Updating a 70 s split foyer Sexy animated chatbot

Posted by / 26-Aug-2017 07:58

Updating a 70 s split foyer

If I had my way, I would transplant that space to my kitchen/breakfast nook and have it all one big space. In a the non-renovated tri-level, you walk in to something like this – sunken living room to the left (which I thought was SO cool when we first moved into our tri-level as a kid), family room straight ahead, stairs leading up/down to the right. Everything has been updated – flooring, molding, doors, light fixtures, you name it.

And if you look to the left, you’ll see a peek at the wall that was partially knocked out. Back to the “original” tri-level – if you turn to the left, you’ll see the formal living room and dining room areas.

Or it might look something like this – a bit more updated, but still not open to the family room, like so many of us want in our homes today. But first, a peek at what an “original” tri-level might look like: Or perhaps this: And here is an updated tri-level (with added closet space).

The master bathrooms can vary, and while I would imagine this updated tri-level probably resembled my parents’ old master bathroom, which looked like this before they remodeled: But here are some other possibilities: Here is the updated master bathroom in the remodeled tri-level: I’m blown away at how they made this tri-level current and updated for the way people live today.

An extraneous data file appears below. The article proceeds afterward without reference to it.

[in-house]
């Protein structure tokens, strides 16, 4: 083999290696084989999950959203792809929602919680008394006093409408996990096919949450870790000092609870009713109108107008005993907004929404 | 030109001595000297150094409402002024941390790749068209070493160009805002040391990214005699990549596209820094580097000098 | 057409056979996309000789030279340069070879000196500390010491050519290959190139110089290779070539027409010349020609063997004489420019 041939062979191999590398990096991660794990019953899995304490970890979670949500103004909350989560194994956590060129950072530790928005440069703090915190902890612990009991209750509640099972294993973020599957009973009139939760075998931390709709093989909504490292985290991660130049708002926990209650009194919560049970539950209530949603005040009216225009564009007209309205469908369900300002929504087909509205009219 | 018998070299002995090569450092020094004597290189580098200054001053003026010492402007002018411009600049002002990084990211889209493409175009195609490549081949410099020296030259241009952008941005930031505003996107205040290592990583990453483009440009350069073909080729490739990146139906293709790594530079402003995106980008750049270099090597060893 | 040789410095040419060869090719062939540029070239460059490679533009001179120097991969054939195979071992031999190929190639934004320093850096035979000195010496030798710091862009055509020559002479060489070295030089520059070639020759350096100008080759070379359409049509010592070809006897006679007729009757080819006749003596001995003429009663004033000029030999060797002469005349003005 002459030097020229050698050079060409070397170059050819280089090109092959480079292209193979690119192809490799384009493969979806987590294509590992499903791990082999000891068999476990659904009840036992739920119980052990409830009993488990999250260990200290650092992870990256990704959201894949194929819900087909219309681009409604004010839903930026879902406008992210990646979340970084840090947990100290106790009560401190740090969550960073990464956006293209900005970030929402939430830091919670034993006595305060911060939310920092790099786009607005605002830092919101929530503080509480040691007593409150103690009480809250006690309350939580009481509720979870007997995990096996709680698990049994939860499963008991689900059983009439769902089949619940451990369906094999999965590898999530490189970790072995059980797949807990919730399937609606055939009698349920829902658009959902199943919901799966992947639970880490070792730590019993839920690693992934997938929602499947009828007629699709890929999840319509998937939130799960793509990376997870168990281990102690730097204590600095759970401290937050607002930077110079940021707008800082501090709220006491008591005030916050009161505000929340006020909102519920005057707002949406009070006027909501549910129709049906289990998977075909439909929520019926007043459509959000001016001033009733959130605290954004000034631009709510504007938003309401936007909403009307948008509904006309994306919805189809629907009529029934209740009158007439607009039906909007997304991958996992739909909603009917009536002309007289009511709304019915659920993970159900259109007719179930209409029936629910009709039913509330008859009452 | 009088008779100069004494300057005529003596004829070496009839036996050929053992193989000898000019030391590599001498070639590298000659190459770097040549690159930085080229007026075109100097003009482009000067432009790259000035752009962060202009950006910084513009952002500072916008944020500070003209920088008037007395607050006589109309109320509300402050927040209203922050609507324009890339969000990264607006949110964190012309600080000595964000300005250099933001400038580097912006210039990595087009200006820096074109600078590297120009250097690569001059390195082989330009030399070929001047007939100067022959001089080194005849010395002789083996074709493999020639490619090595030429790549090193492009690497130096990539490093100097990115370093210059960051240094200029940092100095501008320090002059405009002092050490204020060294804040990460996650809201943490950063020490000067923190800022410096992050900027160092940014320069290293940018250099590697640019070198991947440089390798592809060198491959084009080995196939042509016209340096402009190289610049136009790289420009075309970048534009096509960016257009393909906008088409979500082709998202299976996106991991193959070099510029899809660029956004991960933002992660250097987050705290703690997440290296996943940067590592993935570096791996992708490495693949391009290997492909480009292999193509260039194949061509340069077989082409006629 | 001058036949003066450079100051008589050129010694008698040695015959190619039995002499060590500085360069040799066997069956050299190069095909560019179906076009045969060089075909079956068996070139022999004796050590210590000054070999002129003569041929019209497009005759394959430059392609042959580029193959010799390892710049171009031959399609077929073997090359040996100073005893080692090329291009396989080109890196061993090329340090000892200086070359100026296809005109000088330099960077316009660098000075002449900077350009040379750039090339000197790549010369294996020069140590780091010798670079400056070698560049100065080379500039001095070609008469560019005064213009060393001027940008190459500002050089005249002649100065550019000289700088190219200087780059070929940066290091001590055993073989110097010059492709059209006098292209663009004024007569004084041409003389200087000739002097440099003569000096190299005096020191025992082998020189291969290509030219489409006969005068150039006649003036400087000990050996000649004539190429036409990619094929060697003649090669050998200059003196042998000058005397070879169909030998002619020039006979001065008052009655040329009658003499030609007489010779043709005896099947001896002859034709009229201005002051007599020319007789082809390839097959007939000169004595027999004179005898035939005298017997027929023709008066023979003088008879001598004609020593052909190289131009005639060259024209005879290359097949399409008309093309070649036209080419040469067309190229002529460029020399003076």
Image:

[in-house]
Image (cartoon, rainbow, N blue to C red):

I’m not sure what housing looks like in other parts of the country, but here in the midwest (well, in Ohio), the tri-level home was very popular in the 70’s and 80’s.

In fact, I grew up in a tri-level, as did many of my closest friends, now that I stop and think about it.

On the right (upstairs) are the bedrooms along with two bathrooms (master and a shared bathroom). The center area traditionally includes a formal living/dining room, family room, kitchen and a breakfast nook, along with a powder room and a laundry room. At the time these homes were built, formal living and dining rooms were still the trend.

Tri-levels are great in that you get a good amount of square footage, and they’re great family homes.

There are a lot of them on the market around here nowadays, and it’s always interesting to see if they’ve been updated, and if so, how.

It's called a split-level—a style of architecture that's poised for a comeback today.

So what exactly is a split-level house, and why has it endured long after Greg, Jan, Marcia, and the rest of the bunch rolled up their shag rugs and moved on?

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Growing up in a home that has a similar floor plan, can I just tell you how much I this? If we go back to the entry area and continue to walk straight back, you’ll find a family room that looks something like this. Or your family room could look like this: In the remodeled tri-level, when you walk straight after coming through the front door, you’ll walk into this space.

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